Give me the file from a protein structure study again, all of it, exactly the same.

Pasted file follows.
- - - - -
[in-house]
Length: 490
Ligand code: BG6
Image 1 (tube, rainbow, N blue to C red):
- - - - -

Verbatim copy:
[in-house]
Length: 490
Ligand code: BG6
Image 1 (tube, rainbow, N blue to C red):